I am mourning what feels like the death of my best friend. The person who was always in my corner, the person who made me laugh when no one else could, the person who taught me the overwhelming capacity of my own love.
I have searched, and I have searched. Under beds, behind curtains, in the backseat of my car. I have looked everywhere, asked everyone, "Have you seen my best friend?" and they all shake their heads sadly and shrug. They have not seen him. And when they ask me where I saw him last, I say, "Through bleary eyes in the back of my car, when I lifted my head, unlocked the door and said, 'Hey bud. Good morning,' watched him drop off his GPS, kiss me, smile and then drive away." If only I had known, if only I had known that that would be the last time that I would see him, the last time that I would open my eyes and see his beautiful, kind face. I would have run after him. Jumped out of my car in my bare feet and chased him before he could drive away.
Now, in place of his presence, there is a deep well of sadness within my heart. It extends to my lungs, which are heavy and constricted, to my ribs, which are hollow and rattle when I breath, to my stomach, which is empty, always empty, and always rejecting sustenance, to my arms, my legs, my fingers, and my toes, all of which are tired of this fruitless search, this exhausting one-sided struggle. This sadness fills me up and overflows from my eyes in the form of tears, my mouth in the form of breathless questions with no answers, my fingers in the form of words that make no difference. It fills me up and does not allow me to sleep, does not allow me to rest.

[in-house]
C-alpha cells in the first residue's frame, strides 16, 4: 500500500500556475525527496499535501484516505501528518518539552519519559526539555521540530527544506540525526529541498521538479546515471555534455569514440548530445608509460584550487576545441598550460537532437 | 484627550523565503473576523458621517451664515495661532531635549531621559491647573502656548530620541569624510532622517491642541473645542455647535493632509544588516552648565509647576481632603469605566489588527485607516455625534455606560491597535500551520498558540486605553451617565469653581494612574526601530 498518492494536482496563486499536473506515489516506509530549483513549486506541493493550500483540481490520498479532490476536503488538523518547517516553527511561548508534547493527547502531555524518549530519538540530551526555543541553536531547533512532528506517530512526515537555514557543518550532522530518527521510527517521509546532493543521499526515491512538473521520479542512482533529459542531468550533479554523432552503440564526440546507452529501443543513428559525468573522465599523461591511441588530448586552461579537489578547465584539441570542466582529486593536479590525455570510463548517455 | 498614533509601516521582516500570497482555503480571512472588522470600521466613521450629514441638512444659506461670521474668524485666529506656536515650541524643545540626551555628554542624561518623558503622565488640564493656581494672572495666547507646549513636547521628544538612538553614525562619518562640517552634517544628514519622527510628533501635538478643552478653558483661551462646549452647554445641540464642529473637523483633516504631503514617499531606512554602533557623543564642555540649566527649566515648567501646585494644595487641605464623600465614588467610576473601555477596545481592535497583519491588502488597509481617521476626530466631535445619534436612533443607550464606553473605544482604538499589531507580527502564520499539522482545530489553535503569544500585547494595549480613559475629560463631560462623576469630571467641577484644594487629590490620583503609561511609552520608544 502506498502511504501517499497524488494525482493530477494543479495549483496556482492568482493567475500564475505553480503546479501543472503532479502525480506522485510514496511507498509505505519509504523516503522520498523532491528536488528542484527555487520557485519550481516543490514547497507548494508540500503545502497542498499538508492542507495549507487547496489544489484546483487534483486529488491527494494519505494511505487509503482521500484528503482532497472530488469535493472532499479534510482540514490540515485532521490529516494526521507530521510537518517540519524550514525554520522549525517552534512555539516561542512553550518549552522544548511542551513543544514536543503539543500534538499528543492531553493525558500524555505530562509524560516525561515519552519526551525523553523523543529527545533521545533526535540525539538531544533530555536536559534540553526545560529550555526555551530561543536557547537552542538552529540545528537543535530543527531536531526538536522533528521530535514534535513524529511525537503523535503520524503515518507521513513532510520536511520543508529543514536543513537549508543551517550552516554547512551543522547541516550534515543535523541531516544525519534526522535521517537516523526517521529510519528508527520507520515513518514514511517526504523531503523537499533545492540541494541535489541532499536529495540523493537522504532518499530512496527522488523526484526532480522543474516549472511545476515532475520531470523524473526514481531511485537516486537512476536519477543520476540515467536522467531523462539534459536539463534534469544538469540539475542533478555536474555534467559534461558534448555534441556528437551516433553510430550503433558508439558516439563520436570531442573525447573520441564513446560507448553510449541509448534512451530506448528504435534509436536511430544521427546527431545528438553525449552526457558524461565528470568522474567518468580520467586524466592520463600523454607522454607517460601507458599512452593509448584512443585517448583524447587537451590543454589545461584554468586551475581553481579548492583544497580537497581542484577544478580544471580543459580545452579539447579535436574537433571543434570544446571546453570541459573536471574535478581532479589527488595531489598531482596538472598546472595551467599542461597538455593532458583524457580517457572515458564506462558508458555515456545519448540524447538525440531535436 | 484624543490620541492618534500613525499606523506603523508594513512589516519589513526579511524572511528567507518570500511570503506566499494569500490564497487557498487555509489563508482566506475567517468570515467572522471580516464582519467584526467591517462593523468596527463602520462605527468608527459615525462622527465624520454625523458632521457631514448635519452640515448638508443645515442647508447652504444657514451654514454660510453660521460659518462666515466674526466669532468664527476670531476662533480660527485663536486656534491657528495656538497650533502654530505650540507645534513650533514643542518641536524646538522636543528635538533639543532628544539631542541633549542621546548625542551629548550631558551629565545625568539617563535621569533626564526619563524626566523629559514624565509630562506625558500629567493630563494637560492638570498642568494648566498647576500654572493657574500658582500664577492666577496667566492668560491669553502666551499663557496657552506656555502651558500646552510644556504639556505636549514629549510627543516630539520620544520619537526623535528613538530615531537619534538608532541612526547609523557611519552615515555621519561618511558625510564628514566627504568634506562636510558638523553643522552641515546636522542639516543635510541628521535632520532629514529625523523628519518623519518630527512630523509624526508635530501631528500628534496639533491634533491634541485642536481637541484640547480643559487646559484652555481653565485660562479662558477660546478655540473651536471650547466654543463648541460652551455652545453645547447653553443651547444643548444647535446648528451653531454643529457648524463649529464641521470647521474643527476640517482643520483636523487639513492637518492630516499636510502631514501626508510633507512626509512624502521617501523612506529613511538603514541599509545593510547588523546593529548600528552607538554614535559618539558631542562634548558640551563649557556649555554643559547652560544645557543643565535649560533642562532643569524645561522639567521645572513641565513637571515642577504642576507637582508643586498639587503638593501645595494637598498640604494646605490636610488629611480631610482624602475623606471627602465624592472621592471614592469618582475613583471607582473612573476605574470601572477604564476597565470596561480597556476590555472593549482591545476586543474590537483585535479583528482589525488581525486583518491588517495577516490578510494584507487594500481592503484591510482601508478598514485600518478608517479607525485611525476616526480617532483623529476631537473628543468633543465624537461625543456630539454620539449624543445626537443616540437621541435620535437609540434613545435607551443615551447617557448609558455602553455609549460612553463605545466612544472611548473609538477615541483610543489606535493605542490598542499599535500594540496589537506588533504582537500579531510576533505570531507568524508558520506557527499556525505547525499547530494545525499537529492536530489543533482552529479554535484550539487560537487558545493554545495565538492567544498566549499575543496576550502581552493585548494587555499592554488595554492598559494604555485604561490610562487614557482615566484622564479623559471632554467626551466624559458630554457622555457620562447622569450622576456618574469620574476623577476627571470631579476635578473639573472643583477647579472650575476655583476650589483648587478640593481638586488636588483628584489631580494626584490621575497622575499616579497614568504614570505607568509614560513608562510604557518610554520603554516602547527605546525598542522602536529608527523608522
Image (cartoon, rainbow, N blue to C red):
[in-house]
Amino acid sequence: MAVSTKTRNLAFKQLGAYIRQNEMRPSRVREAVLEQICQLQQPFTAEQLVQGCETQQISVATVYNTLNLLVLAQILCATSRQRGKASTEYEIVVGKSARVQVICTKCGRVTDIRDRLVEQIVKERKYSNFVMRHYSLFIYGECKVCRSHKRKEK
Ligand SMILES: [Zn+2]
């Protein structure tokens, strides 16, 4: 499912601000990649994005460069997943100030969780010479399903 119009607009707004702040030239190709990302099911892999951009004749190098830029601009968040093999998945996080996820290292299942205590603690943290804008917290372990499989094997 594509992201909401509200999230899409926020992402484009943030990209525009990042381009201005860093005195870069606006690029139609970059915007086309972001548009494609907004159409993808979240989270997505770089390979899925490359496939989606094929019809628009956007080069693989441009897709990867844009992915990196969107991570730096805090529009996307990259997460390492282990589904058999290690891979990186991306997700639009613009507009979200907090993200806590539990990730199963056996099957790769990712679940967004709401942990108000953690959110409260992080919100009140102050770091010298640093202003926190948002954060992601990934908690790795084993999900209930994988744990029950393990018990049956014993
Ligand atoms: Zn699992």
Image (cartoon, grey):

I am mourning. Because my best friend is gone, my best friend is gone. And I am starting to accept that I will never see him again.